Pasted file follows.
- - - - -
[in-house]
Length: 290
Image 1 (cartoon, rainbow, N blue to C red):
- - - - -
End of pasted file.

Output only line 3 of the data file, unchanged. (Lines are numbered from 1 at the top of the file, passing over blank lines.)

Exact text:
Image 1 (cartoon, rainbow, N blue to C red):